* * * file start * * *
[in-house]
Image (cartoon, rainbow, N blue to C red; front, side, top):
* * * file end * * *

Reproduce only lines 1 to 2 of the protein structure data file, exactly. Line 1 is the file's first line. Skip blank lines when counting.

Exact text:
[in-house]
Image (cartoon, rainbow, N blue to C red; front, side, top):